As hurtful as it is to say, hardware alone is nothing. Software alone is also nothing. Each side of the coin requires the other to exist. Excellent software on crippled hardware is unusable. Excellent hardware with lacking software is useless. Innovation must occur in both spaces, at the same time to make platforms viable in the marketplace. Realistically this doesn’t always happen.

We’ve had miniaturized displays for over a decade, and only now are able to push usefulsoftware onto them to produce things like the modern smartphone. We’ve had fantastic advances in processors that required better battery tech and software to birth things like the Apple Watch. The technologies we’ve invented over the last 20 years are finally coming together to produce a whole new era of machines that will wildly change the desktop-dominated market.

The Future is Now!

Technology aficionados and the middle-aged worker have two things in common. One, they’ve been around a while. Two, they probably don’t need mom and dad to buy stuff. If you’re between 30 and 65 you’ve probably had to use a computer for something. Whether you like it or not, you’ve got experience with desktops and laptops. You’re use to the experience and maybe you’ve enjoyed tooling around. If you’re knowledgable with technology you’ve had to use it; and to use it you’ve had to pay for it. If you have money to pay, you’re probably older than 18. The fact is, kid’s aren’t better with tech. They’re just less experienced and bias towards older tech. I myself fit into this category. I grew up on a desktop computer. I prefer the mouse, the keyboard and the large display. I know how easy desktop software can be, and I know how to use the computer to do amazing things.

Budding technologies like the smartphone, and cloud-based Chromebook are cool. They do amazing things. But like a child making a decision between a handsaw and circular saw; mature folks are bias towards productivity. They know that the laptop is the smarter choice…for now.

The fact is, you can build a house with a handsaw. And if that’s all you know, you’ll do an amazing job at it. Teenagers and 20-something’s know mobile. They can put amazing things together on iOS and web-tech. OEM’s know this. Apple isn’t targeting the retiree. It’s a good story to tell, but the reality is they need to hook the 20-something so they get the next 40 years of revenue. The focus is on mobile. The focus is on web. All the issues with desktop software, laptop computers and mature technologies are set. They aren’t going to change drastically. Just like the train, they’ll get better…but they’re not going to make a quantum leap forward. Mobile and web are. They’re coming out guns-a-blazing and are ready for the next 40 years. Sans issues. Sans expectations. It’s a blank canvas with a more mature artist.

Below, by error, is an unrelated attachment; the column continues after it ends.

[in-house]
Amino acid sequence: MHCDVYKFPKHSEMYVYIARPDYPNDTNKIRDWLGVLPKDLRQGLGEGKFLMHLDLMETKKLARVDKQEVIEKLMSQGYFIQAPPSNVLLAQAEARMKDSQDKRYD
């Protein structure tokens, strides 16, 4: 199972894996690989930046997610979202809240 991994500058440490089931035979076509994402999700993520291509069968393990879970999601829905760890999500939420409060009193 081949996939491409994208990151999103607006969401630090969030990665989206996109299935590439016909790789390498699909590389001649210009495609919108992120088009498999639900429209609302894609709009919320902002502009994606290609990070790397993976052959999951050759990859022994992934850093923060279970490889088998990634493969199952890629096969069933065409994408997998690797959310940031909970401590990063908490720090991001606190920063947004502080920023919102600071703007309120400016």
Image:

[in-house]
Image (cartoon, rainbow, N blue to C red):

Where’s the divide?

You are! The divide is in the workflow. The way you use technology is dividing the marketplace.

Think about the home phone. I can guarantee your grandparents use it exclusively. I’m pretty sure your parents use it sporadically. I’d be willing to bet you don’t even know where the landline is in your house. The home phone is fully divided. It’s slowly dying and will truly cease to exist within 2 generations.

The computer is next. We are the first generation that is bound to keyboards, desktop OS’s and port-filled laptops. The generation behind us is figuring out ways to use Chromebooks and convertibles. They touch the screens and live with Onedrive. The generation behind that knows nothing of DOS. They know nothing of the mouse. Google and Apple see this divide…they know the differences in workflow. As they aligned their business for the next 40 years, they’ll ensure to include the laptop. They won’t leave us in the lurch.

That said, new technologies are going to be focused on other things. No ports means less compatibility. Online software means less piracy. Mobile “apps” means less local coding. It’s all about efficiency. Less effort, less struggle, more universal. These new platforms are an amazing look at what’s to come over the next decade. I’m fully ready to accept that I’ll know how to do things on the computer far faster than on Android. I’m also ready to accept that not everything will be possible from a Chromebook. That said…I’m not going to resist the shift. Just like accepting my home phone is now strapped to my belt, I’m excited to see how these shifts will positively impact my life.